Learn to Control Land Degradation by Choosing and Using the Right Trees, in an Appropriate Way
Trees can stop erosion, feed and protect other plants (and animals); and when you understand what you are doing; turn an unstable environment into a sustainable and productive ecosystem.
ACS student comment: "I definitely learned a lot from [the course) but it was also beneficial in affirming [and raising my confidence] in what I already knew." Katrina Merrifield, Masters Conservation Science - NZ, Trees for Rehabilitation course.
This course is designed for people who want to work in environmental rehabilitation. While studying this course you will develop an understanding of environmental systems and the process of rehabilitating degraded sites.
There are ten lessons are as follows...
1. Approaches To Land Rehabilitation
2. Ecology Of Soils And Plant Health
3. Introduction To Seed Propagation Techniques
4. Propagation And Nursery Stock.
5. Dealing With Chemical Problems
6. Physical Plant Effects On Degraded Sites
7. Plant Establishment Programs
8. Hostile Environments
9. Plant Establishment Care
10. Rehabilitating Degraded Sites
- Compare different approaches to land rehabilitation, to determine strengths and weaknesses of alternative options on a site to be rehabilitated.
- Determine techniques to maximise plant development in land rehabilitation situations.
- Explain the different ways of producing seedling trees for land rehabilitation purposes.
- Determine appropriate plant establishment programs.
- Develop procedures to care for plants, during establishment in an hostile environment.
- Manage the rehabilitation of degraded soil.
- Explain the effect of plants on improving a degraded site, both physically and chemically.
EXAMPLES OF WHAT THE COURSE COVERS
Here are just some of the things you will be doing:
-Determine different examples of land degradation on sites.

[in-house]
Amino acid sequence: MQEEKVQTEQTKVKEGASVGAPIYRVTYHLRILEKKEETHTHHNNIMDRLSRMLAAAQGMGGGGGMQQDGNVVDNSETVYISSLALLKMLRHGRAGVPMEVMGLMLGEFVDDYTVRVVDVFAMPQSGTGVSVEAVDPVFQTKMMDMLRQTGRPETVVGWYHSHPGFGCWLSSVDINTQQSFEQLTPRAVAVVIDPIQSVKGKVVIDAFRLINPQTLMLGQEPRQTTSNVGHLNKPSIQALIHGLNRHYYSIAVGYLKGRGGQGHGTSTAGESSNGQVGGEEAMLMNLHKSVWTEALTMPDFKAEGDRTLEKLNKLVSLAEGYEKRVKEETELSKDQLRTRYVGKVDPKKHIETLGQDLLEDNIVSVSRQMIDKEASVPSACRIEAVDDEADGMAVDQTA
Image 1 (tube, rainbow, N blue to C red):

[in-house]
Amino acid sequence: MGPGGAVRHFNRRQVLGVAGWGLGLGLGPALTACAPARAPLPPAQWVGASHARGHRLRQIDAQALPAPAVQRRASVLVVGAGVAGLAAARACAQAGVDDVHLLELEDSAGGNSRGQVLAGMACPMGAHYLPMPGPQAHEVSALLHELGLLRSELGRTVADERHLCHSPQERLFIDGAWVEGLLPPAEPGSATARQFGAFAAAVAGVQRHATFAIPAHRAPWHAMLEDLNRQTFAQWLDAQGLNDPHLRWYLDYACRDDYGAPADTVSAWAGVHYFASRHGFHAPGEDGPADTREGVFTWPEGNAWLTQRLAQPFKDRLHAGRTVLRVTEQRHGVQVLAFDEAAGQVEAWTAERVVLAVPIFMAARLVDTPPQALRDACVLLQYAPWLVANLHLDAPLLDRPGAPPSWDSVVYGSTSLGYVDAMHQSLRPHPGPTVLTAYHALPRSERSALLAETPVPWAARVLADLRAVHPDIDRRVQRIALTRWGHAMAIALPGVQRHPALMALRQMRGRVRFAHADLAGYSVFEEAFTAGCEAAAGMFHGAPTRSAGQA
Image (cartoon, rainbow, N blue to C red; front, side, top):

-Explain different reasons for land requiring rehabilitation, including: * Salination * Erosion * Mining * Grazing * Vegetation harvesting * Pests * Reduction of biodiversity * Soil contamination * Urbanisation.
-Compare the effectiveness of different policy approaches to land rehabilitation by different agencies and organisation, including: * Different levels of government * Mining companies * Developers * Conservation groups (i.e. tree planting bodies, land care groups).
-Develop a risk analysis for a specified site to be rehabilitated, by determining a variety of plant health problems which may impact on the success of plant establishment.
-Analyse the failure of plants to grow successfully on a visited land rehabilitation site.
-Develop a procedure to enhance the success rate of land rehabilitation plantings on a degraded site.
-Describe the use of mulches, to maximise plant condition in a specified land rehabilitation tree planting project.
-Explain different processes of establishing seedlings on land rehabilitation sites, including: *tubestock nursery production *direct seeding *pre-germinated bare rooted seedlings.
-Determine factors which affect the viability of establishing five different species of plant seedlings, from different plant families; on a specific degraded site.
-Compare the benefits of acquiring plants for a project by buying tube stock, with propagating and growing on, or close to, the planting site, with reference to: *costs *plant quality *local suitability *management.
-Prepare production schedules for a plant species, using different propagation techniques, summarising all important tasks from collection of seed to planting out of the tube stock.
-Calculate the cost of production for a tube stock plant, according to the production schedule.
-Estimate the differences in per plant establishment costs, for tube stock, compared with direct seeding methods, for planting on a degraded site.
-Describe different methods of planting trees for rehabilitation purposes.
-Describe different plant establishment techniques, including: *wind protection *frost protection *pest control *water management *weed management.
-Describe an appropriate method for preparing soil for planting, at a proposed rehabilitation site.